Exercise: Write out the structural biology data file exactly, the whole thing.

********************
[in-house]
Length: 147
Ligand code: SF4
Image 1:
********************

[in-house]
Length: 147
Ligand code: SF4
Image 1: